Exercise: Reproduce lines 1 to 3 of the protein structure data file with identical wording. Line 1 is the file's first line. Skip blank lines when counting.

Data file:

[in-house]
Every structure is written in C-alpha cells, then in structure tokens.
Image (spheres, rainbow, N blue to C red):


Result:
[in-house]
Every structure is written in C-alpha cells, then in structure tokens.
Image (spheres, rainbow, N blue to C red):